Synopses & Reviews
What can teachers and schools do -- with curricula, classroom settings, and teaching methods -- to help children learn most effectively? New evidence from many branches of science has significantly added to our understanding of what it means to know, from the neural processes that occur during learning to the influence of culture on what people see and absorb. This book examines these findings and their implications for what we teach, how we teach it, and how we assess what our children learn.
How People Learn: Bridging Research and Practice provides a broad overview of research on learners and learning and on teachers and teaching. It expands on the 1999 National Research Council publication How People Learn: Brain, Mind, Experience, and School, Expanded Edition that analyzed the science of learning in infants, educators, experts, and more. In How People Learn: Bridging Research and Practice, the Committee on Learning Research and Educational Practice asks how the insights from research can be incorporated into classroom practice and suggests a research and development agenda that would inform and stimulate the required change.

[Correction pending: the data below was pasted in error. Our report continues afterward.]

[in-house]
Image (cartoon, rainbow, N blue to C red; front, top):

The committee identifies teachers, or classroom practitioners, as the key to change, while acknowledging that change at the classroom level is significantly impacted by overarching public policies. How People Learn: Bridging Research and Practice highlights three key findings about how students gain and retain knowledge and discusses the implications of these findings for teaching and teacher preparation. The highlighted principles of learning are applicable to teacher education and professional development programs as well as to K-12 education. The research-based messages found in this book are clear and directly relevant to classroom practice. It is a useful guide for teachers, administrators, researchers, curriculum specialists, and educational policy makers.